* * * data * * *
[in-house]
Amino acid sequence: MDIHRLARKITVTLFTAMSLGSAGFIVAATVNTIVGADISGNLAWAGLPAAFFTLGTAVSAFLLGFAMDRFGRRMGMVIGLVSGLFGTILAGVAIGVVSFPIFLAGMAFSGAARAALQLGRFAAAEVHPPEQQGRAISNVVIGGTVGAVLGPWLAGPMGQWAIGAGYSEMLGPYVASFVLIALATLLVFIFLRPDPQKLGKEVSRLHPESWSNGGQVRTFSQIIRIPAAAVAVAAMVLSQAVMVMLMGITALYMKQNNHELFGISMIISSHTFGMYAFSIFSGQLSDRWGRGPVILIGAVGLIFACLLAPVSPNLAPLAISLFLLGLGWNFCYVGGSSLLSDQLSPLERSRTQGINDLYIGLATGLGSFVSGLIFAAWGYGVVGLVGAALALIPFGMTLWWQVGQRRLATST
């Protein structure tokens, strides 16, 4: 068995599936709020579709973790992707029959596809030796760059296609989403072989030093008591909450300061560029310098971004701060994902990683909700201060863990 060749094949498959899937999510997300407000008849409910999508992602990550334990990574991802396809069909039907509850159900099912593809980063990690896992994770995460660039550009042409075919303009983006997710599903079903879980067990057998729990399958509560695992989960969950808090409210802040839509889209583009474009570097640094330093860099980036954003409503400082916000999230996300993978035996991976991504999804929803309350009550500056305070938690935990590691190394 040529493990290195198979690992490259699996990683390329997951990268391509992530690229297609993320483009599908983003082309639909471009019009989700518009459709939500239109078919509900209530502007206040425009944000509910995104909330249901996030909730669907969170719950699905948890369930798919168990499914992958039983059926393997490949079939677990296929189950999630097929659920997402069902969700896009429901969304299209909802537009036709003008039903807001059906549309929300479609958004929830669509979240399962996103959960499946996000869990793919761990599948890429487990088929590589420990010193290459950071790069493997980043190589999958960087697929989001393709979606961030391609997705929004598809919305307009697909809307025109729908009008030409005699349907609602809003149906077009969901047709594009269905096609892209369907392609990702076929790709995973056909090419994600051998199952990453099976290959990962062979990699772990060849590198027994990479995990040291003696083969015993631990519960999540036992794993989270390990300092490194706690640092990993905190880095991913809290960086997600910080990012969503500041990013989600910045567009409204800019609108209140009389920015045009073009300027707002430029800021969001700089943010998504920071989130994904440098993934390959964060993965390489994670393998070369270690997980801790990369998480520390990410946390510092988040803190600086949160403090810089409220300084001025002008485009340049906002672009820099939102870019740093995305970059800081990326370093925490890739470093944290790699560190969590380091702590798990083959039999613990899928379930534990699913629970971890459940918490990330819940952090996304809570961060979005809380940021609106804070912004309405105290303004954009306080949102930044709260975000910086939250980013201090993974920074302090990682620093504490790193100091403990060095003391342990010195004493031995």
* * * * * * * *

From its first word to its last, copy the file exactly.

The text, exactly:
[in-house]
Amino acid sequence: MDIHRLARKITVTLFTAMSLGSAGFIVAATVNTIVGADISGNLAWAGLPAAFFTLGTAVSAFLLGFAMDRFGRRMGMVIGLVSGLFGTILAGVAIGVVSFPIFLAGMAFSGAARAALQLGRFAAAEVHPPEQQGRAISNVVIGGTVGAVLGPWLAGPMGQWAIGAGYSEMLGPYVASFVLIALATLLVFIFLRPDPQKLGKEVSRLHPESWSNGGQVRTFSQIIRIPAAAVAVAAMVLSQAVMVMLMGITALYMKQNNHELFGISMIISSHTFGMYAFSIFSGQLSDRWGRGPVILIGAVGLIFACLLAPVSPNLAPLAISLFLLGLGWNFCYVGGSSLLSDQLSPLERSRTQGINDLYIGLATGLGSFVSGLIFAAWGYGVVGLVGAALALIPFGMTLWWQVGQRRLATST
């Protein structure tokens, strides 16, 4: 068995599936709020579709973790992707029959596809030796760059296609989403072989030093008591909450300061560029310098971004701060994902990683909700201060863990 060749094949498959899937999510997300407000008849409910999508992602990550334990990574991802396809069909039907509850159900099912593809980063990690896992994770995460660039550009042409075919303009983006997710599903079903879980067990057998729990399958509560695992989960969950808090409210802040839509889209583009474009570097640094330093860099980036954003409503400082916000999230996300993978035996991976991504999804929803309350009550500056305070938690935990590691190394 040529493990290195198979690992490259699996990683390329997951990268391509992530690229297609993320483009599908983003082309639909471009019009989700518009459709939500239109078919509900209530502007206040425009944000509910995104909330249901996030909730669907969170719950699905948890369930798919168990499914992958039983059926393997490949079939677990296929189950999630097929659920997402069902969700896009429901969304299209909802537009036709003008039903807001059906549309929300479609958004929830669509979240399962996103959960499946996000869990793919761990599948890429487990088929590589420990010193290459950071790069493997980043190589999958960087697929989001393709979606961030391609997705929004598809919305307009697909809307025109729908009008030409005699349907609602809003149906077009969901047709594009269905096609892209369907392609990702076929790709995973056909090419994600051998199952990453099976290959990962062979990699772990060849590198027994990479995990040291003696083969015993631990519960999540036992794993989270390990300092490194706690640092990993905190880095991913809290960086997600910080990012969503500041990013989600910045567009409204800019609108209140009389920015045009073009300027707002430029800021969001700089943010998504920071989130994904440098993934390959964060993965390489994670393998070369270690997980801790990369998480520390990410946390510092988040803190600086949160403090810089409220300084001025002008485009340049906002672009820099939102870019740093995305970059800081990326370093925490890739470093944290790699560190969590380091702590798990083959039999613990899928379930534990699913629970971890459940918490990330819940952090996304809570961060979005809380940021609106804070912004309405105290303004954009306080949102930044709260975000910086939250980013201090993974920074302090990682620093504490790193100091403990060095003391342990010195004493031995």